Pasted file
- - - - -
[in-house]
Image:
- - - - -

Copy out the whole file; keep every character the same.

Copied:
[in-house]
Image: